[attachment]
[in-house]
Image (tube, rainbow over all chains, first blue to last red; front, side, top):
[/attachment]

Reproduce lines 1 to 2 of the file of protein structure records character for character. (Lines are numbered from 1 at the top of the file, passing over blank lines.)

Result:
[in-house]
Image (tube, rainbow over all chains, first blue to last red; front, side, top):